Consider the median income. Overall, in real terms, the median income--the income level achieved by half of American families--increased by almost 15 percent from 1993 to 2000. But it rose much faster for blacks (33 percent) and Hispanics (24 percent) than it did for whites (14 percent). It rose faster in central cities (18.5 percent) than it did in suburbs (12 percent). Despite all the warnings about welfare reform impoverishing single mothers, the median income for female householders jumped nearly 29 percent from 1993 to 2001, significantly more than the 17 percent increase for married couples.

In percentage terms, families on the lowest rung of the income ladder scored the biggest income gains from 1993 through 1999. According to Economic Policy Institute calculations, families in the bottom fifth of the income distribution saw their average income increase nearly 19 percent from 1993 through 1999--while families in the top 5 percent enjoyed an average increase of about 15 percent. By comparison, in the expansion of the 1980s, the average income of the top 5 percent grew more than five times faster than the incomes of the bottom 20 percent. "

Posted by: bakho on September 12, 2009 at 12:27 PM | PERMALINK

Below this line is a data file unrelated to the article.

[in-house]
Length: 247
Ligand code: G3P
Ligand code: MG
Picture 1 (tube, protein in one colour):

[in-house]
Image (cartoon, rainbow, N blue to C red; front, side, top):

Our current economic collapse is due to the fact that upward redistribution of wealth left the poor, working class and middle class people with too little income to continue consuming. That day was long coming, but had been put off by the credit bubble, which had allowed consumption to continue by converting the inflated value of real estate to be cashed out. Now that we are all broke, deep in debt and the economy is stalled out, the awareness of what has been done to us IS spreading. The teabaggers are not typical.

Posted by: Tom in Ma on September 12, 2009 at 12:27 PM | PERMALINK

Second, the Republican Party still believes Bush's policies -- the ones that failed on a historic level and created messes we're still struggling to clean up -- were right.

Believing them after the failure is a good thing.

Movement conservatism is a revealed religion -- it doesn't need any evidence in its support, it needs faith. And faith, not works, is the path of salvation.

The greater the faith, the greater the merit in the (low-tax, low-service, union-free, unregulated, white, straight, Protestant) world-to-come).

Anyone can believe in what the evidence of their own eyes supports -- that earns no merit.

Believing in things that manifestly just aren't so requires the greatest faith, and therefore earns the greatest merit.

Credo, quia absurdum.